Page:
In a conventional indoor environment, thermal comfort is supplied by an air based distribution system. This system is controlled by an air temperature (and occasionally humidity) sensor, and the role of radiation in thermal comfort is often overlooked. In a typical indoor environment, slightly less than half of the heat occupants shed to maintain thermal comfort is lost to convection. The other portion is lost to radiation. We have developed the Scanning Mean Radiant Temperature (SMART) Sensor to fully characterize radiant heat transfer in the built environment. Combining surface temperatures and geometry allows us to produce 3D thermal point clouds which may be meshed to produce watertight surfaces. The view factor between occupants and environmental surfaces may be calculated, allowing us to accurately model radiative heat transfer. Additionally, this may be calculated for any location in the space, allowing us to map spatial variation of the mean radiant temperature from a single scan. In this paper, we use the SMART sensor to calculate the spatial distribution of mean radiant temperature over a range of environmental conditions. Its performance is validated using a net radiometer. The sensor demonstrates that there is frequently significant spatial variation of mean radiant temperature in typical indoor environments up to 4 °C.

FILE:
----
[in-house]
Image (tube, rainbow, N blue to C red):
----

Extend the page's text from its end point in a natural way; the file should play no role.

|Original language||English (US)|
|Journal||Journal of Physics: Conference Series|
|State||Published - Nov 20 2019|
|Event||International Conference on Climate Resilient Cities - Energy Efficiency and Renewables in the Digital Era 2019, CISBAT 2019 - Lausanne, Switzerland|
Duration: Sep 4 2019 → Sep 6 2019
All Science Journal Classification (ASJC) codes
- Physics and Astronomy(all)